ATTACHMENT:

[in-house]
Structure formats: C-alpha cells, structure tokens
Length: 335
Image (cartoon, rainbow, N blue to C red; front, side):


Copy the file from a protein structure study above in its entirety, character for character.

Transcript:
[in-house]
Structure formats: C-alpha cells, structure tokens
Length: 335
Image (cartoon, rainbow, N blue to C red; front, side):